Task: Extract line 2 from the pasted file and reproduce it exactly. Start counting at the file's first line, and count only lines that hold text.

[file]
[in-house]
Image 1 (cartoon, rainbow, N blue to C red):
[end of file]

Image 1 (cartoon, rainbow, N blue to C red):